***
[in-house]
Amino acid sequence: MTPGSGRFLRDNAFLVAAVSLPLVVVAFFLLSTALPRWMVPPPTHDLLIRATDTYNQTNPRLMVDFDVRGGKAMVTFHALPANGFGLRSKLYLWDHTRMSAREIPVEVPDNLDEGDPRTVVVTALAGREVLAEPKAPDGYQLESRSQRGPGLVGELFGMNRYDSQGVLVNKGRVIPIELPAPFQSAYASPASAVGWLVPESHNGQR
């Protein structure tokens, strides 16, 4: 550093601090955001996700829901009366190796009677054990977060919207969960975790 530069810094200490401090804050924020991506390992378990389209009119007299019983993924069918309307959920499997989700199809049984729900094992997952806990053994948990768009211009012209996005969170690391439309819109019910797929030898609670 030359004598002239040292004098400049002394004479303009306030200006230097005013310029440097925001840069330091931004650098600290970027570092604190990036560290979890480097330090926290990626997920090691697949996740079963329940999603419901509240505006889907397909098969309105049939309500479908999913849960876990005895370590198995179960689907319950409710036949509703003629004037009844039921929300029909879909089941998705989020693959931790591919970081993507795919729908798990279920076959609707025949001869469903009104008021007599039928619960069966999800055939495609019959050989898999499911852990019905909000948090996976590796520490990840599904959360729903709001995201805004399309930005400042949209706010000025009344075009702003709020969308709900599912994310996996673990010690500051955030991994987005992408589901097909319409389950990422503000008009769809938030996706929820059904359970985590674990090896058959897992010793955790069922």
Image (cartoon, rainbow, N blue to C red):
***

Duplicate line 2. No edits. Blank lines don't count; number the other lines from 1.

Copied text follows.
Amino acid sequence: MTPGSGRFLRDNAFLVAAVSLPLVVVAFFLLSTALPRWMVPPPTHDLLIRATDTYNQTNPRLMVDFDVRGGKAMVTFHALPANGFGLRSKLYLWDHTRMSAREIPVEVPDNLDEGDPRTVVVTALAGREVLAEPKAPDGYQLESRSQRGPGLVGELFGMNRYDSQGVLVNKGRVIPIELPAPFQSAYASPASAVGWLVPESHNGQR